Aussie Willy
10-17-2011, 03:45 AM
One place I worked at years ago the women constantly talked about their weight. It is such a boring topic of conversation.

vesperholly
10-17-2011, 04:06 AM
Great plan. It dismays me how easy and pervasive fat-bashing is - both from people hating on themselves and millions of casual slams equating fat with bad. No one would say "she's too black", but I hear and read "she's too fat" and variants thereof daily. Sad.

Karina1974
10-17-2011, 04:26 AM
For one thing, I like my muscles and I'm not willing to lose them to get the number on the scale to go lower.

Heh... I like mine too, especially since the leg ones are aching from all the contra dancing and cycling I did this weekend.

Angelskates
10-17-2011, 11:41 AM
What a fabulous idea. I, too, a going to give it a go.

taf2002
10-17-2011, 07:24 PM
Unfortunately, I can't go along with this. I have always had a bad body image, even when I had a :kickass: body. I look at pictures of me when I weighed about 105 lbs or less & I remember thinking that I was fat at the time. I would love to be that size now. But I think I'm too old to change my way of thinking. However I think it's a wonderful idea.

MacMadame
10-17-2011, 09:43 PM
One way to change your way of thinking is to act like you already believe the new way of thinking. This is actually one of the techniques of cognative behavior therapy, which is the only kind of psychological therapy that I can stand. :lol:

The interesting thing, to me, about having a Fat Talk Free week is the statistics. It's been shown that people who do the most Fat Talk have the worst body images. But correlation is not causation. Maybe they do the most Fat Talk because they have bad body images vs. the fat talk causing the bad body image.

So then the question is: if you have a bad body image and you cut out (or significantly cut down) your Fat Talk, will your body image improve or not?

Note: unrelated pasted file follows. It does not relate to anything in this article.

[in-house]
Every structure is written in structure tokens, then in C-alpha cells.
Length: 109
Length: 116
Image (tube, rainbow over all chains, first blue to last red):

I think it should. I also think making this sort of talk less socially acceptable will help younger generations from ever getting into that trap to begin with. But I can see an argument for the other side ... that the Fat Talk is a symptom and fixing the symptom won't cure the problem.

vesperholly
10-17-2011, 09:52 PM
I think it should. I also think making this sort of talk less socially acceptable will help younger generations from ever getting into that trap to begin with. But I can see an argument for the other side ... that the Fat Talk is a symptom and fixing the symptom won't cure the problem.

Maybe, but by talking about the symptom, we're shedding light on the real cause. I don't think for a minute that anyone really believes that not saying denigrating things about your own body is going to solve self-esteem issues, however, but hopefully it'll get some people who do speak poorly of themselves to examine their hurtful words.

and maybe it'll get those of us who joke about being fat to stop accidentally projecting an image of self-loathing :shuffle: